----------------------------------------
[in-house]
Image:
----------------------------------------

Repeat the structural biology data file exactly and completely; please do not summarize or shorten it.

[in-house]
Image: